Why must i buy the box?

Why is a fully functional trial version available, but we still cant download an upgrade directly from steinberg. Why must i purchase a box?

I downloaded mine, did they stop doing that?

It doesn’t give me the “I’d like to download the product” option when im in the Steinberg shop. Only a boxed version can be selected.

But you can download the trial version…so maybe i can somehow just buy the upgrade authorization key?


I didnt mention, im currently running Nuendo 4.0

I’d like to know that too…

I think the OP is trying to do an upgrade (a purchased one) from N4 to N5.

And to the OP - I totally agree - what is the point of having to have anything physical delivered in 2011? Unless you are a new customer with no USB key then it seems like a waste of cardboard, shipping time, extra cash for that shipping and on and on.

Almost seems like Steinberg has to justify physical packaging in some way. They don’t even ship full manuals with any of the products anymore which makes the physical package even less appealing and even more or a waste of time and resources.


i bet n6 will be downloadable.

I will bet it won’t :slight_smile:



Packaging software is an anachronism. Personally, I think printing manuals for software is absurd too. Documentation should be upgraded regularly and downloaded to our computers on a user defined schedule.

Under absolutely NO CIRCUMSTANCES should the proper, printed manuals for Nuendo be dropped.
I cannot stomach bloody PDF files for manuals, as it forces a second computer to be running - and that costs me much more money in the long term, and is a lot harder to read in the garden too.
I’ll grant you there should be an option to D/L, but certainly not on a mandatory basis - take a look at the enormous rows over in the WaveLab forums for more on this, where the lack of a printed manual is putting a LOT of people off, myself included (no more WaveLab without a printed manual for me)

Neil…I hear ya on the manual (as long as it’s the REAL manual - not some two bit unusable one like in WL7) - but it should be an option that I can order if I want. More important to me tho - if a physical manual is offered - it should be maintained and completely reprinted (like in the case of N 5.5) where there are so many changes that the original manual can go right into the recycle bin.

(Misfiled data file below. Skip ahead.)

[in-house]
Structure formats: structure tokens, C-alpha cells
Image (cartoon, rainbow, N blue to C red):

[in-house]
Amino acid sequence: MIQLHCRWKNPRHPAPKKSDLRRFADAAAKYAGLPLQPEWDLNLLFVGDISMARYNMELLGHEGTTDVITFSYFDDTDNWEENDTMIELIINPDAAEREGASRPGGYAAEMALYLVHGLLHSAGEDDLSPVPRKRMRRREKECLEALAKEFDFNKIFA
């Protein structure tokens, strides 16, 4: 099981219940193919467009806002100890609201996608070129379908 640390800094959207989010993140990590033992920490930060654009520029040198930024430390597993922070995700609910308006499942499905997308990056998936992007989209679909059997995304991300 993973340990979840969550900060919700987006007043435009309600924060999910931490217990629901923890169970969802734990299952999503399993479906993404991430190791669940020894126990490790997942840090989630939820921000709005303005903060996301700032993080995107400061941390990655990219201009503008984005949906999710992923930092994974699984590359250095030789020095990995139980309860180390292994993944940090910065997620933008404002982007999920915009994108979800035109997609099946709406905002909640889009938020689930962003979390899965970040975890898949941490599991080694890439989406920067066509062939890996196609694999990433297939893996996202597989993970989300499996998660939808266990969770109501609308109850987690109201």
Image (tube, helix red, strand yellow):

Logically and resource wise - if this were ever to pass - the only choice that would ever get any consideration would be issuing a new PDF manual. I do not think any company would reprint a physical one.


The fundamental problem of a physical manual when it comes to software is that the software is in constant evolution while the physical manual cannot be. You may argue that most of a piece of software remains the same long enough for the validity of the information to be relevant, making it worthwhile to print it. But since software is essentially re-written, modified, and extended on an on-going basis, I consider it an absurd waste of natural resources.

Yes, I am a big supporter of document readers. I’ve read many books on my Palm and now my iPod Touch, and though I haven’t sprung for an iPad, I do believe that an electronic document reader is the best way to handle software documentation. You can’t dispute the advantages of random access and searches that electronic docs provides. Devs can then not only keep that documentation updated and revised to the latest revisions, but also append useful user tips and link directly to ancillary documentation relevant to each section. A second computer is also a possibility, but you can also just use a second monitor as most video cards are dual these days. Many of us also have large monitors, making even that somewhat unnecessary.